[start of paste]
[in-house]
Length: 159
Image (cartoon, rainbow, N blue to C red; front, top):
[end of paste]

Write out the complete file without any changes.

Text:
[in-house]
Length: 159
Image (cartoon, rainbow, N blue to C red; front, top):